Español Political campaigns are intense, taxing affairs, and, amid the rigors of the electoral cycle, it is often easy to lose sight of why one is running in the first place. Last week, I was abruptly reminded why I chose to go after a seat in the lower chamber of the Colombian parliament.
It was 4:30 p.m. on a sunny Friday afternoon and, as I made my way to a meeting in northern Bogotá from the colonial city centre, where I work, we came across a traffic jam on Circunvalar Avenue. This swerving road hugs the eastern hills and usually offers the quickest route from south to north. Jaime, a friend who was driving, decided to turn left and descend to Route 7A, the city’s oldest and most traditional north-south thoroughfare (its foundations date back to the 16th century).
A few moments later, we found ourselves waiting for a traffic light to give way as we stood still behind a yellow cab on 28th Street, which cuts through a rather menacing and working-class neighborhood. Suddenly inspired, as I thought about the election, I decided to take my mobile phone out of my pocket and write some winged words in a tweet.
I began to type and, all of a sudden, I sensed a grasping hand force itself through my slightly ajar window and go for my telephone, which I instantly put out of reach. In a split second, Jaime had grabbed a firm hold of the burglar’s snatching wrist. The fellow, whose face I never saw, suddenly found himself trapped like a wild bear in a cage and, as he attempted to free himself, began to howl obscenities accordingly.
As I noticed the traffic light changing from yellow to green, I urged Jaime to step on the gas, perhaps not realizing the difficulty involved in shifting to first gear while gripping a tugging criminal’s forearm. The balance of power then changed abruptly; immediately behind me, a second burglar managed to open the rear door of the car’s passenger side. In an instant, Jaime and I were fully exposed.
Aware that, if the second fellow happened to have a knife or any other type of weapon, we were as good as toast, my thoughts shifted from dragging his ensnared colleague at least a few meters down the road. That would have taught him a sound civics lesson and brought me, ever the pedagogue, great pleasure, but only if we could bid farewell to the place unscathed.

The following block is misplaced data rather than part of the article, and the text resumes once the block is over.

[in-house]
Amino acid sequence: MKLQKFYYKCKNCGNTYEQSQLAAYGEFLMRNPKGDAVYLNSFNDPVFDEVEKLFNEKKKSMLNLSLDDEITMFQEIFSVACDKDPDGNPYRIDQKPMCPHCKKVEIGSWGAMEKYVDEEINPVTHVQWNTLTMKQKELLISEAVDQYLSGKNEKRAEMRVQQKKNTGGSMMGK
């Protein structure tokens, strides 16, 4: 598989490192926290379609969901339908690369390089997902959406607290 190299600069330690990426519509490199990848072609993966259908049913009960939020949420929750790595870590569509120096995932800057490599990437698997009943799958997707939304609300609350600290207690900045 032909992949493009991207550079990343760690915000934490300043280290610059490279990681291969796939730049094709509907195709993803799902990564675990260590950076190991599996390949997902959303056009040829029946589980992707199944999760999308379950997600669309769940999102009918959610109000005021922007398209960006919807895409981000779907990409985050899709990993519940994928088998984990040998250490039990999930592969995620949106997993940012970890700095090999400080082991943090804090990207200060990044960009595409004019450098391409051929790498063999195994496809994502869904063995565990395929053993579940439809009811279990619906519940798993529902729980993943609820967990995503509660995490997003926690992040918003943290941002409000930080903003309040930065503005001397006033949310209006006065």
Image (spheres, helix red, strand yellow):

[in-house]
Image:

Jaime let the first thief loose and, astoundingly, the second simply shut the rear door and joined his fleeing partner. They escaped among the cars nearby, whose drivers and passengers had passively witnessed the entire ordeal in broad daylight.
As we headed for safety, several thoughts crossed my mind. First, I wondered why Bogotá’s current statist mayor — whom the inspector-general removed from office in December in what The Economist described as “an arbitrary administrative lynching of a bad mayor,” — pays more attention to pronouncing demagogic speeches from balconies than to doing his job. That includes the duty to uphold security.
Second, it dawned on me how tremendously precarious the respect for private property has become in this country. Whether it’s the infamous “millionaire’s ride,” whereby a cab’s passenger is held at gunpoint and forced to empty his bank account at numerous ATM machines throughout the city, the destruction of a small shop’s façade with grotesque graffiti, or the methodical swindling of cattle in the countryside, “the rule of law” is merely a vacuous phrase here — a platitude with absolutely no bearing on reality. To give but one statistic, nine out of 10 mobile phone thefts end up with impunity.
All of this reminded me of why I decided some months ago to enter into politics. On the one hand, the Colombian state is unable to perform its most elemental functions, which in my view are upholding the law and protecting the citizen’s physical safety as well as his property. On the other hand, the government apparatus is present precisely where it isn’t needed, making itself felt with all the weight of a meandering mass of woolly mammoths.
You can always count on Colombian bureaucracy when it comes to placing obstacles before businesses and individuals: it takes at least 15 days merely to register a company and 1,288 days to enforce a contract according to the World Bank; they charge a higher corporate tax rate than in Sweden, Finland, and Iceland; they spend up to 5.3 percent of our GDP on the military — an astronomical figure by South American standards — in order to fight the war on drugs, where the chances of winning are nil.
For these reasons and many others, Colombia has consistently ranked close to 100th among the 152 countries measured in the Economic Freedom of the World Index published by the Cato Institute and the Fraser Institute.
My campaign is merely a small first step toward the goal of turning things around in this country. I have spoken to numerous young people, university students, and dissatisfied citizens who want the state to fulfill its basic duties and to otherwise leave people alone to prosper with their own efforts.
Whether or not they identify themselves as libertarians or classical liberals — a political tendency with very little representation in Colombia since the 19th century, as my colleague Javier Garay points out — thousands of Colombians want to live in greater freedom, a freedom based on respect for the law. They want “not just liberty,” as Margaret Thatcher often said, “but law-based liberty.”
Surely we are a minority at present; paradoxically, many Colombians on both ends of the conventional left-right spectrum clamor for an even larger state. Even so, we are a growing minority in need of representation.